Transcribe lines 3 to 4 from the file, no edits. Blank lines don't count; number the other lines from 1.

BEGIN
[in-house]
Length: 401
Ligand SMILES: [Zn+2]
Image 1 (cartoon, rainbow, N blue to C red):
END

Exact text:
Ligand SMILES: [Zn+2]
Image 1 (cartoon, rainbow, N blue to C red):